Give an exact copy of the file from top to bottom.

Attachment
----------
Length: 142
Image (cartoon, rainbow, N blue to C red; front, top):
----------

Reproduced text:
Length: 142
Image (cartoon, rainbow, N blue to C red; front, top):